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Meet A Geologist: Leticia De Marchi

Have you wondered - What is going on under the surface of the Earth? You could dig a hole to find out, but that can only go so deep. What’s happening below the deepest hole we can dig? What is the center of the Earth made of? How are the mountains made? Why do earthquakes happen more in some places than others? Why do we have volcanos and why do they erupt? What can we learn about dinosaurs just by finding their fossils in certain types of rocks? These are the sorts of questions that keep geologists hard at work every day. Hi, I am Leticia De Marchi. I am a geologist in graduate school at...

My Fascination For Planet Earth

I was born in Campinas, a big city in the state of Sao Paulo, Brazil. When I was a child my parents moved to a farm not too far from the city. As a kid, I had the opportunity be in nature every day. I used to ride a horse alone in the countryside and, on these horse rides, I was always thinking about how things in nature were made. I wondered how plants, soil, rocks, rivers, and mountains were all related. With this curiosity, I started getting really interested in the history of the planet. I was always reading books and watching documentaries about the Earth. Through these books I...

What Do Geologists Do?

I am a geologist which means I am a detective of the Earth and how it came to be as it is today. When you look at the Earth, it might not seem like it’s changing much at all. But it is. Mountains are forming and eroding away, continents are moving around, rocks are being made and destroyed, and canyons are being carved out by rivers and glaciers. All of this is happening at a very slow pace. But sometimes geology happens fast. For example when a volcano erupts or an earthquake happens. Asking Questions Geologists study a ton of different topics about the Earth. What is going on under the...

Studying A Crater In Tennessee

We have hundreds of tons of material falling to the Earth from outer space every single day. This material is not in one big chunk, but lots of really tiny pieces like dust. However, every once in a while, a very big chunk of material can collide with planet earth. These rocks from space are called meteorites. When they hit the earth’s atmosphere, they catch on fire. If you are lucky, you can see this happen; we call them shooting stars! Most burn up in the atmosphere, but every once in a while one makes it through to the ground. Studying Flynn Creek Crater About 360 million years ago, a...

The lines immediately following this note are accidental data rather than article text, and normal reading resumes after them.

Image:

Leticia De Marchi

I am a Brazilian geologist in graduate school at Auburn University, and I study craters formed by meteorite impacts. 

When I’m not studying craters, I like riding horses, hiking, camping, listen to music and hanging out with my friends and family. 

This Month's Expert: Amanda Clark

Amanda Clark is a graduate student in the Department of Biological Sciences at Auburn University and an NSF graduate fellow. She uses molecular techniques to learn about ecology. Amanda is also runs an ecology camp for kids in Alabama. In her free time Amanda enjoys hanging out with friends, crocheting and hiking. Amanda will be our expert for the month of September. Maybe you share her love for animals or her passion for science? Or you have questions for Amanda? She would love to hear from you and will be responding to your questions in each article. Do check out Amanda's three-part story...

My Path To Science

In high school, I already knew I wanted to work in science! I’ve always wanted to answer the question: Why does this happen and how? I was a part of a team called B.E.S.T., which stands for B oosting E ngineering S cience and T echnology. Teams would work together to build robots that could complete jobs in a competition. In my first year, we had to build a robot that could fix a problem with the Hubble Space Telescope -- a telescope that was launched into outer space in 1990 and that is still taking really amazing photos of space today! Our robot had to turn off a switch, just like your...

What Is Ecology?

People who are studying connections between living things or between living things and the environment are called ecologists. Ecology is all about relationships, or connections! Ecology seeks to answer questions about how living things are linked together like, “What is the connection between sharks and remoras, the cool suckerfish that can be seen clinging to sharks?” It seeks to answer questions about how living things are linked to certain habitats like, “Why can you only find the pink land iguana on one of the Galapagos Islands?” Ecology even seeks to answer questions about human...

Amanda Clark

Amanda Clark is a graduate student in the Department of Biological Sciences at Auburn University and an NSF graduate fellow. She uses molecular techniques to learn about ecology.

Amanda is also runs an ecology camp for kids in Alabama. In her free time Amanda enjoys hanging out with friends, crocheting and hiking.

Following My Love For Animals

During my early childhood years, I would spend time with my step-dad in Alabama, fishing and hiking through the woods. This is where I found my first box turtle crossing a busy road. I rescued the animal out of harm’s way. Without money for afterschool programs and sports, I would spend my spare time catching crawfish, tadpoles, frogs, and making home-made fishing poles. I would catch minnows in buckets, and use the minnows to catch larger fish, primarily sunfish, crappie, and catfish. I moved back to Chicago in the 3rd grade and became saddened that I was unable to swim at local beaches and...

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